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5 November 2020

An Iranian vision

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Despite censorship and sanctions, a bilingual magazine showcasing Iranian and Western design has flourished for two decades. By Steven Heller

The history of visual arts in Iran is divided into two historical periods of Iranian pre-Islamic and post-Islamic art, writes Steven Heller.

Modern graphic design started in Iran about 80 years ago with the advent of high-speed printing machinery. Drawing from these sources, Iran has developed arguably the most vibrant design legacy and innovative contemporary practice in the Middle East. During the past 50 years illustration has become more simplified and stylised, too. While exposure to the world has been limited outside of Tehran since the 1979 Revolution, since 2003 Neshan magazine has been showcasing Iranian designers from Iran and abroad. The bilingual (Farsi and English) Neshan is published by and for Iranians from Tehran and Toronto, where editor, Majid Abbasi resides (and travels between the two cities).

Neshan was founded by the leaders of Iran’s graphic design community: Abbasi, Saed Meshki, Morteza Momayez, Ali Rashidi, Firouz Shafei and Iraj Zargami. As editor-in-chief, Momayez (1936-2005), a renowned Iranian book and book cover designer, made Neshan distinctly Iranian in nuanced ways and modern in its simplicity. ‘He exerted his entire knowledge and expertise for the improvement and enrichment of Neshan,’ says Abbasi. ‘When he passed away we lost this unrivalled treasure.’ After his death, the editorial board took over the responsibility of editor-in-chief. ‘The art direction for the magazine has been done by various designers over the past fifteen years and is the result of a collective vision.’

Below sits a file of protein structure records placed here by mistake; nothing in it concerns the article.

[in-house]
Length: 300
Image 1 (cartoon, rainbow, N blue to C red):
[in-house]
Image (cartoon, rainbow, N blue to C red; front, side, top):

Spread from Neshan no. 44, the ‘Design and Music’ issue, Summer 2018.
Top. Covers of Neshan, issues 23, 24, 25, 2010-11.

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Four years ago, Abassi took on the responsibility for magazine’s art direction, design and editorial content that showcases a diverse community of graphic designers and their projects – such as the Tehran Metro Signage System and a review of Iranian commercial magazine design. In an attempt not to isolate Iranian designers from Western ones, Neshan includes a generous account of North American and European design work. ‘I tried to create covers consistent with this [multi-national] view, in a local language and with a global face,’ says Abassi.

Cover of Neshan no. 41, 2017.

Cover-Neshan41-Autumn-2017 CROP

Spreads from Neshan.

Neshan-Spread-01

Neshan-Spread-02

The previous 45 issues of Neshan have been artfully printed, and a supplementary website version is also maintained. However, the most recent issue on ‘Design and Literature’ (46/47) has only been digitally released on platforms in Iran. Lost revenues and higher production costs triggered by international trade sanctions have made printing on paper next to impossible. The magazine has always been independent of the official government, religious or cultural establishment, and so is funded through its founders, a few ads and subscriptions in Iran. ‘Neshan is the only medium in the field of graphic design and visual culture in the Middle East which is published in both Farsi and English,’ says Abbasi, ‘which is why it is of particular importance for me as editor and editorial team to continue to publish it digitally.’

Cover of the digital-only Neshan 46/47, Autumn 2019–Winter 2020, including articles by Yourik Karimmasihi, Jens Müller, Foad Farahani and Sarah Snaith. 

Neshan Issue 44

Despite the social, religious and cultural limitations that have forced the magazine’s team to find creative solutions, Abbasi says the editors ‘know the way of censorship and adapt to it.’ The main problem they face is budget. Neshan has nonetheless survived and will continue as long as possible.

Steven Heller, design writer and educator, New York

Majid Abbasi with Neshan no. 25.

Majid-Neshan

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